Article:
There could be 280GL left to be purchased for the Murray-Darling Basin Plan, but it is not guaranteed.
There could only be another 280 gigalitres (GL) of water left to be bought back under the Murray-Darling Basin Plan.
Almost 1600GL has already been recovered, mostly through buy-backs.
However, Murray Group of Concerned Communities (MGCC) chairman Bruce Simpson says every gigalitre purchased will have an impact.
Federal Water Minister Tony Burke recently released statistics about the water recovery progress, in a document about his suggested changes to the basin plan.
Under the proposed plan, the government intends to recover 2750GL of productive water for the environment by 2019.
Another 450GL may be recovered later, through infrastructure efficiency works.
According to Mr Burke’s calculations, the government already has almost 1600GL of the 2750GL.
A portion of that water came from infrastructure investment, according to MGCC member Perin Davey, but the majority came from buy-backs.
If the government receives the expected 650GL from environmental works and measures, and the remainder of the 600GL from infrastructure investment, only another 280GL will need to be bought back.
However, Ms Davey said ‘‘no one knows’’ if the government will receive the expected volumes from environmental works and infrastructure investment.
‘‘That is an extreme worry,’’ she said.
‘‘Those figures have come from the states. So we are unaware, we haven’t seen them, we don’t know how robust the modelling is [but] we have faith in the states.’’
Ms Davey said the outcome can also be affected by Murray-Darling Basin Authority (MDBA) modelling.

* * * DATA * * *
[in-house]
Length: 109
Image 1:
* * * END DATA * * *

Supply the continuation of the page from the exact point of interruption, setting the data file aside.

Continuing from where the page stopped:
Mr Simpson said even if only 280GL remains to be purchased, it is still significant.
‘‘Every gigalitre is a lot of water and has an impact on our communities,’’ he said.
The MGCC has long campaigned against buy-backs, saying they destroy the social and economic fabric of communities.
Mr Simpson also has concerns about the 650GL of water from environmental measures.
He said the water will be sourced through changes to management of environmental water, through infrastructure or rule changes.
‘‘Rule changes could have a negative impact on our irrigators and irrigated communities,’’ he said.
Mr Simpson said the work won’t be over once the basin plan is passed through Parliament.
He believes irrigation organisations need to ensure there is a high level of accountability in terms of how environmental water is managed.
‘‘This will go on forever, in terms of making sure that communities and irrigation regions get their fair and equitable share of whatever water is in the system,’’ he said.
Mr Burke’s suggestions to the MDBA also said that climate change must be considered in future reviews of the basin plan.
Mr Simpson said there should be a triple bottom line consideration - including social, economic and environmental impacts - in future reviews of the basin plan.
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